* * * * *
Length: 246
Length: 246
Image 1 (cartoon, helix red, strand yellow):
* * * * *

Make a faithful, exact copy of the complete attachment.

Length: 246
Length: 246
Image 1 (cartoon, helix red, strand yellow):